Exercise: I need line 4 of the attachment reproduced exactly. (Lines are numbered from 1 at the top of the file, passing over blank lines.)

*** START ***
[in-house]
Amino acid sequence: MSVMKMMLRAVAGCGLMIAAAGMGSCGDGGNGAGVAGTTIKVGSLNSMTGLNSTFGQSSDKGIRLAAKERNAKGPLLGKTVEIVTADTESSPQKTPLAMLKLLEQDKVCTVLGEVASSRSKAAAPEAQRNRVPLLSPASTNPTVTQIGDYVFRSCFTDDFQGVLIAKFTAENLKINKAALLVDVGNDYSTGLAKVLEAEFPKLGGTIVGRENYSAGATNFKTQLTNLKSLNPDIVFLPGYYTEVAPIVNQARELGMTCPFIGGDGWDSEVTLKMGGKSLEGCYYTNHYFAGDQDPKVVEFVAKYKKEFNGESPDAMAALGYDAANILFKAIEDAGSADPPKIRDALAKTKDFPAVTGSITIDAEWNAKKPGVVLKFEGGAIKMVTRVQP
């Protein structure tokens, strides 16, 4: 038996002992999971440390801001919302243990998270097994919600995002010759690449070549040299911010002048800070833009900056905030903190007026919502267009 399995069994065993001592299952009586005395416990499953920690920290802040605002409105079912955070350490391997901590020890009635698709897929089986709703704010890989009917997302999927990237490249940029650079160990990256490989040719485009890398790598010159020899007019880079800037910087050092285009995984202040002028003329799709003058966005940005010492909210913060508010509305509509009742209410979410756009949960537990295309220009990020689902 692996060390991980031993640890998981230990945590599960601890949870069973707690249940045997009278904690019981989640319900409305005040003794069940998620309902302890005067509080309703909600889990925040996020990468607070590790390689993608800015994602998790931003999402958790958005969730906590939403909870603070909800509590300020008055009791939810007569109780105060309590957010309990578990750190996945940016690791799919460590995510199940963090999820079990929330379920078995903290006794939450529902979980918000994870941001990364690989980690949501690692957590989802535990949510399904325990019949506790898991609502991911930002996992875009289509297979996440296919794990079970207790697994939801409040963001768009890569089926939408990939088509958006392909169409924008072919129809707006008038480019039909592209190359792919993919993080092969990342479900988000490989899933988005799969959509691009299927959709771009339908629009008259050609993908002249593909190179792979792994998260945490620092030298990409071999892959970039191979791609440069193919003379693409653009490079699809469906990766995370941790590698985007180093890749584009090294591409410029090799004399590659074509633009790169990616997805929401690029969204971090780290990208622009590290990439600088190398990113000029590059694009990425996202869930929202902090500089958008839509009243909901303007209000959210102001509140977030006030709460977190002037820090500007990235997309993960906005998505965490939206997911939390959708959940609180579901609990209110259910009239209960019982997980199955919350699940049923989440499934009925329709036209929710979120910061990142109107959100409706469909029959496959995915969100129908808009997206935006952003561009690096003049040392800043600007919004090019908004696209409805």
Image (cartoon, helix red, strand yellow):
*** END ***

Image (cartoon, helix red, strand yellow):